Keely Bridges: West Forsyth grad returns to her hometown
Published 1:31 pm Wednesday, September 2, 2015
By Mandy Haggerson
Keely Bridges has learned, in her most challenging times, that the friends she’s made in the Clemmons community are there for her through thick and thin. When she was in 8th grade, she moved from the West End area of Winston-Salem to Clemmons. In typical middle school fashion, she thought that was the end of her world since she had already established a group of friends who would be going to Reynolds the following year. Little did she know at that time, she would form friendships that would last beyond her high school years at West Forsyth.
Keely’s freshman year at West Forsyth began with getting to know a fun and outgoing group of 15 girls. “We became very close early in high school and stayed that way during the entire time,” Keely smiles. After their senior year, she and her friends headed to different colleges. Keely chose to attend the University of North Carolina at Greensboro (UNC-G) because of her interest in education. During her time at UNC-G, Keely also honed in on her skillset to help children by working at the Work Family Resource Center (WRRC). WRRC focuses on matching childcare services with childcare needs. The non-profit also creates awareness of the importance of quality childcare.
After Keely completed her bachelors of arts degree in human development and family studies with a concentration in education, she was contemplating where to start the next chapter of her life. Having dated her high school boyfriend all through college, and realizing that it had run it’s course, Keely’s friends from her West Forsyth days reconnected and provided a strong support system back in Clemmons. Keely moved back to Clemmons and picked up right where she left off with her friends. She also was encouraged by a good friend to look into a company that focused on selling childhood technology in the Winston Tower (formerly the Wachovia building). “I was completely independent and took care of myself, which was empowering,” Keely remembers. “We worked very hard and traveled all over the United States selling school supplies.”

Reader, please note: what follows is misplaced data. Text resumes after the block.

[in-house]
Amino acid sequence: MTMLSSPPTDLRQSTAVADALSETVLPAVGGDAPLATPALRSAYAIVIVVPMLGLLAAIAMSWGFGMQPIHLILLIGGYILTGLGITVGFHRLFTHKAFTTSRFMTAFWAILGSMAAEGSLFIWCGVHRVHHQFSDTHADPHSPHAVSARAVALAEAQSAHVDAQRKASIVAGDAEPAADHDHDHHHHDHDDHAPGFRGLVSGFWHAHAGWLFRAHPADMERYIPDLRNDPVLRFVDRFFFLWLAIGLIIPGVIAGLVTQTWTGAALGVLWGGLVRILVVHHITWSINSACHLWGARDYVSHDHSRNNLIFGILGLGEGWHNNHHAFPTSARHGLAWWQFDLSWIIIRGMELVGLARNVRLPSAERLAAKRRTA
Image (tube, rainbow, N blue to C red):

The women who Keely worked for in her first job out of college served as mentors both professionally and personally. “We even did our first marathon together in Washington, D.C. in 1997,” Keely recalls. Some of Keely’s colleagues had been challenged to participate in the Marine Corps Marathon by the president of their company. Keely not only participated, she did well in it, and began to participate in additional marathons the following years.
Around that time, Keely met her soon-to-be husband, Jason Bridges at a Winston-Salem Warthogs game (before the team changed their name in 2008 to the Winston-Salem Dash). Jason, a die-hard University of Georgia alumnus, collided paths with Keely while he was working on an internship at Tanglewood’s golf course. “We were with a group of people and just started talking at the baseball game,” Keely reminisces. Their first date was a game of golf at Tanglewood, and within a year they were engaged to be married.